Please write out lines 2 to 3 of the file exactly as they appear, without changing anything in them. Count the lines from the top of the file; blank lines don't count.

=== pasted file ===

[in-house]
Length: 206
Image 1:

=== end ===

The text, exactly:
Length: 206
Image 1: